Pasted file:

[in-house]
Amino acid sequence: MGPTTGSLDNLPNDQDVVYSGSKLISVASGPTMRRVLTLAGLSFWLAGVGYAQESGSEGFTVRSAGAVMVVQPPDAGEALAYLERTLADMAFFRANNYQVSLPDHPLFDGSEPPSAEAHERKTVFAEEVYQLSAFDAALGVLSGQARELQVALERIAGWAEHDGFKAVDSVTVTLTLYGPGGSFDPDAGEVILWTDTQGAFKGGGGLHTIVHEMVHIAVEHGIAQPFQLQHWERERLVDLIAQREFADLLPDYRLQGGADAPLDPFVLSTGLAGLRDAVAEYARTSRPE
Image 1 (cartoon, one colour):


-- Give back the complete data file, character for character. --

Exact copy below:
[in-house]
Amino acid sequence: MGPTTGSLDNLPNDQDVVYSGSKLISVASGPTMRRVLTLAGLSFWLAGVGYAQESGSEGFTVRSAGAVMVVQPPDAGEALAYLERTLADMAFFRANNYQVSLPDHPLFDGSEPPSAEAHERKTVFAEEVYQLSAFDAALGVLSGQARELQVALERIAGWAEHDGFKAVDSVTVTLTLYGPGGSFDPDAGEVILWTDTQGAFKGGGGLHTIVHEMVHIAVEHGIAQPFQLQHWERERLVDLIAQREFADLLPDYRLQGGADAPLDPFVLSTGLAGLRDAVAEYARTSRPE
Image 1 (cartoon, one colour):